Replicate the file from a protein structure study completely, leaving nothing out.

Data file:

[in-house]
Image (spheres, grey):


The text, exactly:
[in-house]
Image (spheres, grey):